Maintaining the kind of growth required to get on the Business Journal’s list of L.A.’s Fastest Growing Private Companies for four years in a row is impressive in itself.

But staying on the list for those four years even amid the “near-death experience” of legal warnings and an industry boycott – well, that’s unprecedented.

And that’s the story of TrueCar Inc. in Santa Monica. It’s making its fourth appearance on this year’s list, at No. 43, with two-year revenue growth of 116 percent.

Revenue for 2012, when the company was under siege, was $82.4 million, compared with $76.3 million in 2011 and $38.1 million in 2010.

Chief Executive Scott Painter credits the company’s growth to its business model. The website helps consumers find a fair price for a new or used car in their area, and for each completed car purchase, a dealer pays TrueCar a referral fee of about $300.

Founded in 2006, the company analyzes vehicle sales data and allows consumers to see the average price paid for a particular model in their area, which they can leverage in negotiations with dealers.

TrueCar has a staff of 320 with two other offices in California; one in Boston; and another in Jacksonville, Fla.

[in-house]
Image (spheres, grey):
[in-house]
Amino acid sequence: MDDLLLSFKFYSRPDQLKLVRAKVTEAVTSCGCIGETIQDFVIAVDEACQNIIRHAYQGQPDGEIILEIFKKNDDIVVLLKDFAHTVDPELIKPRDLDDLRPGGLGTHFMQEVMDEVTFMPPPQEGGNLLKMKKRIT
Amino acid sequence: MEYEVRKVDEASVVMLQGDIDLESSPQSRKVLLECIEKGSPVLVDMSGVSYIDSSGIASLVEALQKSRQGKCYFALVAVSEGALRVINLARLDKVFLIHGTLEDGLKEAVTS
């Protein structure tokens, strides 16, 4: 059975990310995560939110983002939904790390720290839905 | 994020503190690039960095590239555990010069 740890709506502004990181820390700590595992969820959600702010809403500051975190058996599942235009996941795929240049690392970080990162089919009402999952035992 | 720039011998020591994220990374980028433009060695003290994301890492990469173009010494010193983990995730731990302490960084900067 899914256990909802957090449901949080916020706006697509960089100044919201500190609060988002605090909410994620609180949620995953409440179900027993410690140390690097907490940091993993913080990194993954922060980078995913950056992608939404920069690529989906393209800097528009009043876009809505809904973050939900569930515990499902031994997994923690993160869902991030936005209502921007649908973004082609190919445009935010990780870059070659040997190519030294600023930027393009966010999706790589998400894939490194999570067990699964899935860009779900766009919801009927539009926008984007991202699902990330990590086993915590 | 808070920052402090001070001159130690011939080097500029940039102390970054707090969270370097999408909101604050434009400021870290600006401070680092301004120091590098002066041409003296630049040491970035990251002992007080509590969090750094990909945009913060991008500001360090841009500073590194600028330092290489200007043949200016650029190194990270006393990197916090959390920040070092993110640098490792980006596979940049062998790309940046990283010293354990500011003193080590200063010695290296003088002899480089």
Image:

Trouble arose last year when dealers across the country complained that the car pricing website caused them to cut prices. TrueCar’s business model at the time required dealers to bid each other down to the lowest price. Regulators in several states also stepped in saying the structure of its dealer referral fees was illegal.

“We were boycotted,” Painter said. “That was an expensive process for us to go through. It certainly was a near-death experience.”

It resulted in a change to the company’s business model in some states. Dealers now no longer bid against each other; consumers see average prices paid for each model. TrueCar also tweaked its marketing message: Now, it offers to help buyers avoid overpaying, instead of promising them the lowest price.

The number of dealers that work with TrueCar has climbed from a low of 3,200 last year to 6,700. TrueCar now works with nearly all the top 50 dealer groups, including AutoNation Inc. in Fort Lauderdale, Fla., and Penske Automotive Group in Bloomfield Hills, Mich. Before the controversy, it worked with about two-thirds of dealer groups.

TrueCar only has slightly more than 2 percent market share of new-car buyers in the United States, so growth is likely to continue at a breakneck pace, Painter said.

“From day one, we’ve had a discipline around revenue,” he said. “This is not about go big or go home. This is about building a responsible, profitable business.”

– Subrina Hudson

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